# 2018 Summer Game #2: Magic Squares Memory

Beth and I might have had a tussle over who got to write about this next game if it weren’t for the fact that we live about 1300 miles apart. Opps, sorry Beth, that should say “about 2092 km.” Beth’s from Canada.  🙂  This is her son’s favorite game and now we understand why. What a magical game!

Magic Squares Memory, game A60 in the Math Card Games book, brings the creation of magic squares to life by adding the element of competition without too much stress. If you are not familiar with magic squares, you are in for a treat. Would you believe they date back to at least 2800 BC? While they can be very elaborate, we will work with simple 3×3 squares.

Magic squares have rows, columns, and diagonals that each add up to 15. The corners are even numbers and the 5 is in the middle. There are eight possible solutions. Here is one solution.

You will need the numbers 1 to 9 for each player. The basic number cards are ideal here. We played with four people but two to three works just as well. The goal is to complete your magic square first, using only one of each number, making sure that each row, column, and diagonal adds up to 15.

Shuffle all the cards together and lay them out face down. Each player should have an area in front of him to build the square. You can put masking tape on your playing surface in a tic-tac-toe pattern with the openings the size of the cards. We cut stripes of paper to make our grids or you can just let the square form as you lay out the cards. Here’s our setup for two players.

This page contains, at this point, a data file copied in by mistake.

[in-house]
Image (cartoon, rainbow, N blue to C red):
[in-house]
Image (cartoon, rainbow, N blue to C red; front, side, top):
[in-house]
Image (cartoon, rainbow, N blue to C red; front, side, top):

As each person takes their first turn, whatever card is turned over is a keeper. As play progresses, any duplicates are returned to the center face down after showing the card to everyone. Play then moves to the next player.

Notice, in the second move here, Ian put the 3 on the left knowing that a 5 must go in the middle.

At one point, Ian wanted to put the 6 in the upper left corner but, given the 3 already in place, he realized that would have required a duplicate 6 in the bottom left corner to make 15. Duplicates are not allowed, so that wasn’t a good plan. Here’s what he did instead.

And the winning move!

My nine-year-old, Peter, loves this game, even when he doesn’t win. The older kids and Dad also enjoy this game. We note the first person to complete their magic square and consider them the winner, however we  continue playing until everyone finishes their magic square. Of course, the finished magic squares are very satisfying for everyone. Never minding the addition they practiced along with problem solving….

Here are some variations to consider for your players:

• Easier Variation – Allow the players to move the cards around the grid as they realize that a particular combination won’t work out. For example, putting a 4 and a 7 in the same row or column won’t work because another 4 would be need to equal 15 and we can’t have duplicates. So let them move the cards as they explore options.
• Harder Variation – Once a card is played, it takes another turn to move it on the grid. This way, players must think ahead to make sure that their card placement is accurate and will result in the proper total while following the rules. So if a mistake has been made, the player may move the card in lieu of drawing a card.

We hope you enjoy the magic as much as we did! See you next week!